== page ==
Posted by Admin on July 3, 2006
So we’re in the meat of the summer now: it’s July 4th weekend, the days are long, and that means lots of sunshine. But are you protecting your eyes by wearing sunglasses? The fact is you can look awesome and do something really really healthy for you also wearing sunglasses to protect the eyes. Didja know that in the short-term, people who spend long hours on the beach without adequate eye protection can develop photokeratitis, which is a reversible sunburn of the cornea. It’s painful and can result in temporary loss of vision. Dr. Mark Former, an ophthalmologist with Former Eye Centers, says, “Sunglasses are extremely important, many people think that sunglasses are just for fashion, they are not they are mainly for protection, the main things that we try to protect against with sunglasses are cataracts, macular degeneration ,growths on the cornea which are called tritium and skin cancer at the lids.”

And you don’t have to spend your paycheck to get good ones. “Something that is really important that is not well understood is just because you are pay a lot of money for a sunglass it doesn’t mean you are getting more protection, even a very inexpensive sunglass for less than ten dollars can give you adequate protection. The most important thing is to make sure that you are getting 100% ultraviolet protection and that includes both UVA and UVB glasses and the lens you purchase should say there is ultraviolet protection on them 100% and it should come with a little sticker that is generally on the lens.”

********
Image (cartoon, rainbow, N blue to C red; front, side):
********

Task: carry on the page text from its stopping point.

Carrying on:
And don’t forget about those cool kids. Whenever your child is in the sun long enough to get a sunburn or tan, they should wear sunglasses, even infants! Their eyes are even more susceptible to the rays of the sun. Larger lenses, well fitted and close to the surface of the eye, provide the best protection. Side shields give added protection. And, non breakable plastic lenses and frames are the best choice for children.

And, oh yeah, remember winter? Well, even snow can reflect the ultraviolet rays into the eyes. “Although the sun is brighter in the summer, fall and spring you can still get damage in the winter, so it is important to wear your sunglasses in the winter as well,” says Dr. Former. Cool!

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